The real reason why Canada is cozying up to Burma’s dictators [resources] – by Thomas Walkom (Toronto Star- April 7, 2012)posted in Asia Mining, Canadian/International Media Resource Articles |
The Toronto Star, has the largest circulation in Canada. The paper has an enormous impact on federal and Ontario politics as well as shaping public opinion.
Now we know why Foreign Affairs Minister John Baird was so anxious to trek to Burma last month. Baird showed up in the southeast Asian country ostensibly to argue for human rights and, in particular, to laud the military dictatorship for letting dissident leader Aung San Suu Kyi and her supporters contest seats in Burma’s army-dominated legislature.
But recent rumblings from world capitals confirm that the real reason was the usual one: resources. Resource-rich Burma is subject to strict economic sanctions by Western countries. Big companies — and particularly big oil companies — are lobbying hard to have those sanctions lifted.
And Canada hopes to have its firms front and centre when the great barbecue begins. The fact that Burma’s military-backed leaders allowed any opening toward democracy — and that Suu Kyi gave them her imprimatur — offers Western countries the excuse they need to let trade and investment rip.
The United States has already lifted some sanctions against Burma. The Financial Times reports that more will be relaxed soon.
Reuters news agency reports that European oil giants like Shell, BP and Total are pressing their governments to beat the Americans to the punch. They may well do so later this month when European Union officials review their sanctions.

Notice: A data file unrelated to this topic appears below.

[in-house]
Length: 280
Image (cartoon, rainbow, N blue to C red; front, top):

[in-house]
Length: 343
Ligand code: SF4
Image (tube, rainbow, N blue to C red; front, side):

The Australians are said to be slathering. So too the Japanese.
That Western sanctions have lasted this long is a tribute to the lobbying efforts of pro-democracy groups such as Friends of Burma. Usually governments don’t care if their companies do business with dictatorships — witness Ottawa’s ongoing efforts to curry favour with China.
But Burma is a special case. Its military government, which in one form or another has run the country since generals seized power in 1962, has been particularly ham-handed in its dealings with dissidents and ethnic minorities.
More to the point, its haphazard and crony-based approach to economic development over the years scared off all but the most determined foreign investors.
Burma’s leaders were rumoured to take their cue from astrologers. At one point in the 1980s, they rearranged their entire currency system on a whim.
Canadian firms such as Vancouver-based Ivanhoe Mines Ltd. were among those determined investors. But when the dictatorship turned particularly ugly in 2007, even they were forced to draw in their horns.
For the rest of this article, please go to the Toronto Star website: http://www.thestar.com/news/canada/politics/article/1157856–walkom-the-real-reason-why-canada-is-cozying-up-to-burma-s-dictators